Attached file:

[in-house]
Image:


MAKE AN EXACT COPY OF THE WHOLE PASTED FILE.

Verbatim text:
[in-house]
Image: